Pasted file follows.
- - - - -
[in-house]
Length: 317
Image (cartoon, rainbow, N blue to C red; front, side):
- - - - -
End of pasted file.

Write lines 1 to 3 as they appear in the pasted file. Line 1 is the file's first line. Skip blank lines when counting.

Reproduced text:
[in-house]
Length: 317
Image (cartoon, rainbow, N blue to C red; front, side):